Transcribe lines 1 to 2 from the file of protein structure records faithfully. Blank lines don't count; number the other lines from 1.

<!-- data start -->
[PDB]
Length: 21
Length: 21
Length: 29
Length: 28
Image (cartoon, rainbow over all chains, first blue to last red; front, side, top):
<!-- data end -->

[PDB]
Length: 21